Such provisions might allow childcare services some time to recruit or make alternative arrangements to ensure there are enough vaccinated workers to avoid ongoing worker shortages.
However such provisions are unlikely to help much in the long run, since industry insiders point out that “even a 5 per cent drop in staff could leave centres short-staffed because the federal government had legislated staff-to-child ratios in all centres.”
The major consequences such staff shortage will have are:
- The sharp reduction in the number of places available for early education and care in turn will lead to a longer waiting list for families looking to place their children in childcare services.
- Higher staffing costs fuelled by higher demand for qualified staff
Childcare centre operators from around the country believe that such consequences will lead to fee hikes at some centres as mandates for COVID-19 vaccinations around the country force them to terminate staff and put others on leave. Ultimately the trickle-down effect will be felt by families who may have to shell out more for higher childcare fees while mothers may find it difficult to rejoin the workforce after COVID imposed restrictions.
In fact, Australia is not alone in grappling with these challenges as according to new estimates, more than 1 million women aged 25 to 54 that left the labour force during the onset of the COVID recession still hadn’t returned by December 2021, partly because of the lack of affordable care.
Back in Australia, for childcare workers' unions too, the vaccine mandate has posed a challenge since they have to decide whether to represent those workers who chose not to get vaccinated. Some though like the United Workers Union, which represents some childcare sector workers, have clearly sided with the vaccine mandate. Even then, they have pointed out chaotic vaccination arrangements, impractical logistics, changing rules and lack of awareness building among educators as areas where governments should have worked upon.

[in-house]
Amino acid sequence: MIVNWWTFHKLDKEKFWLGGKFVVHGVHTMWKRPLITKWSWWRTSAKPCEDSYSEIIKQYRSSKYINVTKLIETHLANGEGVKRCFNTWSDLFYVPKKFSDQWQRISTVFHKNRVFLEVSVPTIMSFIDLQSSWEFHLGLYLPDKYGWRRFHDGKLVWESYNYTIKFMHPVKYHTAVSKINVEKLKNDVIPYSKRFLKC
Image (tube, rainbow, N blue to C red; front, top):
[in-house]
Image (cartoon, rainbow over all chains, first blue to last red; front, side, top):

In line with the broader community settings, organisations may choose to move to a risk-based assessment approach for the workforce after this time, meaning that services may choose to implement policies around vaccination.
Until 13 May, all early childhood education and care educators and staff under the current Public Health OrderExternal link must have received two doses of the COVID-19 vaccination. This includes all:
- staff working on site.
- volunteers working on site.
- contractors, maintenance staff, cleaners and all other workers who are on site.
Any staff members who have not received mandated COVID-19 vaccinations and are unable to obtain a medical contraindication certificate from their doctor are not able to attend early childhood educational settings.
If the employee gives a legitimate reason for not being vaccinated, the employee and their employer should discuss whether there are any other options available instead of vaccination. This could include alternative work arrangements, such as asking the employee to perform different duties or to work from home.
Mandatory Vaccinations Rules
In 2021, the federal government mandated vaccinations for aged care workers, disability workers and those that are working in high-risk situations in the health system. Eventually, most states and territories imposed broader mandates extending to early childcare workers, including the Australian Capital Territory, New South Wales, Queensland, South Australia, Tasmania, Victoria and Western Australia (of February 2022).
Under the mandatory vaccination rules, all childcare workers must be fully vaccinated against COVID-19 which means having received two doses of an approved COVID-19 vaccine. In fact, some states like Victoria require all education staff to receive a third dose of the COVID-9 vaccine in order to be onsite in an education setting. Any one of the following three ways may be used to show proof of vaccinations:
- their COVID-19 digital certificate which shows proof of only your COVID-19 vaccinations that can be added to a digital wallet
- their immunisation history statement which shows their COVID-19 vaccinations and all other vaccinations